One word – unassuming. According to early photos, these are tiny chilies (approximately 1/2 inch in size), grown actually in part to be aesthetically pleasing enough to compete in the Chelsea Flower Show. The plant is owned by Bob and Neal Price of Chillibobs and grown by Mike Smith, owner of Tom Smith’s Plants, with an eye to the aesthetics as well as the heat.

The Dragon’s Breath are wrinkled and pocked like other super-hot peppers, and they appear to have a scorpion-like tail that does hint at the extreme heat that lies within. Yet, there’s a delicateness to the chili that’s quite beautiful.

Cooking with Dragon’s Breath peppers

Like with other super-hot chilies, the Dragon’s Breath is not an ingredient that most will turn to in the kitchen. It’s just too hot. In fact, one sliver of this pepper could heat up multiple pots of soup in one go. That’s how much capsaicin is here. If you do decide to grow these chilies yourself, or happen to come across some pods, you’ll typically find the most use for this pepper within extreme hot sauces.

More cooking tips:

  • Like with any super-hot, extreme caution needs to be taken in the handling. Even holding a Dragon’s Breath chili whole and uncut with your uncovered hands can lead to severe chili burn. Wear kitchen gloves, goggles, and even a mask in the handling, especially when cutting into the fruit.
  • Know how to treat chili burn prior to handling. The potential for extreme pain is high here. Before you even begin handling a Dragon’s Breath, read our post on treating chili burn (hint: keep milk around.) Also read our article on treating the burn in your eye area, as that can be especially painful (and all it takes is one mistaken rub of an eye.)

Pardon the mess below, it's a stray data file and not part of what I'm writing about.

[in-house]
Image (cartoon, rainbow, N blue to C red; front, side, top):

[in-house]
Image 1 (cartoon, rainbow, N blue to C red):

• Look to Carolina Reaper or ghost pepper recipes to see what’s possible. They are both among the most popular super-hots, so there are many recipes out there featuring these extreme fruits. Just note the size difference in the pods (the Dragon’s Breath is much smaller than both.) And note the heat difference (as the Dragon’s Breath can eclipse both.) You’ll want to be conservative to start, then add more as you’d like.

Where can you buy Dragon’s Breath peppers?

You can purchase Dragon’s Breath pepper seeds online, but don’t expect to find them at your local gardening center. This is not a chili pepper being cultivated for much commercial use, so it’s limited to specialty shops. For most, it’s just too hot for consumption. Even among extreme eaters, this is another world of heat.

Grow At Home
Dragon's Breath Pepper Seeds
$6.99

If you're brave enough for the extreme heat and have a green thumb, you can try growing Dragon's Breath chilies at home. These seeds are from Sherwood Seeds.

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09/13/2022 12:05 am GMT
  • The Hot Pepper List: This is just one of over 150 chilies we profile on our list. Filter by heat, flavor, use, origin, and more.
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UPDATE NOTICE: This post was updated on April 26, 2022 to include new content.
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Glen

I live in Panama. I received some Dragons Breath seed from my friend in the USA. The seed was marked Dragons Breath-Midwest ChiliHeads. I only planted one at the end of Jan 2020. Live in a tropical climate. I had some hard times with the new seedling. It looked great at first but then began to wilt. It sulked for a long time and did not grow. I transplanted it into a larger 6 gallon pot. I had to put the plant in the shade and protect it from windy conditions also. Eventually the plant began to grow again. Today,… Read more »

chilihead 101

no pepper will kill you… you would need to eat about 3 ibs of scorpion pepper powder for the capsaicin to even harm you.
though this little devil may make you wish you were 🙂

reeeguy

dont eat one.

if you do do so at your own risk

of DEATH

Shawn C

Pepper X by Ed Curry is the hottest pepper in the world. 3.18 Million SHU…. It’s like a full rage beatdown for your mouth.